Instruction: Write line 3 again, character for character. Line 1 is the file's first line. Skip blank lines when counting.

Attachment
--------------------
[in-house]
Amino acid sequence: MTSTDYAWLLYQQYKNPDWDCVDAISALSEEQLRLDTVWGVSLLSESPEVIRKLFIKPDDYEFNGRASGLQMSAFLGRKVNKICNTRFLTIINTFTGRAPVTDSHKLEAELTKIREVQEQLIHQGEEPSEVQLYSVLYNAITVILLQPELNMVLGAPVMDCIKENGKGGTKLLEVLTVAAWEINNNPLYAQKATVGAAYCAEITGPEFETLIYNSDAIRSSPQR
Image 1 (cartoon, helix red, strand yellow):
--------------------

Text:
Image 1 (cartoon, helix red, strand yellow):